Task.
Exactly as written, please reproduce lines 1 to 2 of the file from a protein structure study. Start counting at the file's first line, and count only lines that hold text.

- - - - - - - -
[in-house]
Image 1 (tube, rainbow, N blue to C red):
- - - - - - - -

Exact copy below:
[in-house]
Image 1 (tube, rainbow, N blue to C red):